As we can see already, the CIHR dementia research strategy supports both domestic and international research on Alzheimer's disease and dementia through a variety of activities.
Today I would like to describe how the government will continue to maintain a strong focus on both domestic and international dementia research in the three vital areas of prevention, treatment, and quality of life.
First, the government is supporting research on prevention. This theme is focused on preventing or stopping the disease from developing. We know that Alzheimer's disease, like many chronic conditions, may develop as a result of complex interacting factors such as age, genetics, environment, lifestyle, and other existing medical conditions. If we can identify which of these risk factors can be changed, we may uncover ways to prevent or delay dementia from occurring.
Prevention is a vital theme for dementia research, and our government has funded many researchers in this area. To illustrate our commitment to this theme of prevention, the government is funding the work of Dr. Sandra Black, from the University of Toronto, and Dr. Vladimir Hachinski, from Western University. Their research is leading to a new approach to dementia treatment that is focused on early prevention based on addressing risk factors for vascular health, such as hypertension, diabetes, and smoking.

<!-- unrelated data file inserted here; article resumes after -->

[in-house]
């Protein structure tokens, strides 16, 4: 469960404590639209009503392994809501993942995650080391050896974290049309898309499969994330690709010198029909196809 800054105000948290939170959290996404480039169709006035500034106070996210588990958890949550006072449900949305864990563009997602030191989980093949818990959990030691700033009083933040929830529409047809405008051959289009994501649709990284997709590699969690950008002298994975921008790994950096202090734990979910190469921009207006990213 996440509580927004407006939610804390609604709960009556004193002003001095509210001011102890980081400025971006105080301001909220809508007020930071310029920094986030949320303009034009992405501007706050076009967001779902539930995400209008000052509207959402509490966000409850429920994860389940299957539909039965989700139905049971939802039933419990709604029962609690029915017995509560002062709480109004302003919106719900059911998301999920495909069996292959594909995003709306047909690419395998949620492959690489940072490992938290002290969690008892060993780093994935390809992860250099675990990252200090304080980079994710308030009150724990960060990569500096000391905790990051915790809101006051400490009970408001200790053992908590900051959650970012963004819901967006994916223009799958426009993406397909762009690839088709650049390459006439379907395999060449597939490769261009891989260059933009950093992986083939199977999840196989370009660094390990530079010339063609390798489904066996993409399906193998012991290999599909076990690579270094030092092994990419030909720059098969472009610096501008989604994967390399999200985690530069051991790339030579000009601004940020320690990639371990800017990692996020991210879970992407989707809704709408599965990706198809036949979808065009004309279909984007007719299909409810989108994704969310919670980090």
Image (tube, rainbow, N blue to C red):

These results have been instrumental to the development of the first dementia screening protocol, which assesses stroke, dementia, and overall vascular health.
We are also proud of the fact that six research teams of the consortium will be focusing their work on prevention. For example, one team will study nutrition, lifestyle, and prevention of Alzheimer's disease.
The government, through CIHR, is also supporting research under the second vital area of dementia treatment, also known as secondary prevention. Secondary preventions are efforts to reduce symptoms and improve the quality of life until a cure is available. Right now there are some drug treatments that may temporarily relieve symptoms of Alzheimer's disease and dementia.
While we are committed to researching a cure, these efforts will also help to support Canadians who need help now. For example, the government has funded Dr. Manuel Montero Odasso, of Western University, who studied walking speed and fluctuations as a predictor of dementia's progression. His team studied 150 seniors with mild cognitive impairment, a pre-dementia syndrome, in order to detect an early predictor of cognitive and mobility decline, and progression to dementia.
This research team discovered that walking speed changes were more noticeable in pre-dementia individuals with the worst signs of cognitive decline. These changes may serve as an effective way to predict the onset of dementia, and may eventually help diagnose and treat dementia earlier.
We are also very content to see that seven consortium teams will focus their research on treatment. For example, one of these teams will be looking at cognitive therapy and its effect on the brain.
On the international front, Canada continues to support research on treatment. A good example of this is through the international Network of Centres of Excellence in Neurodegeneration. Under this network, we have partnered with five other countries to develop common standards and efficient methods to validate findings in studies. This partnership resulted in seven international grants being funded by CIHR for a total of $1.2 million.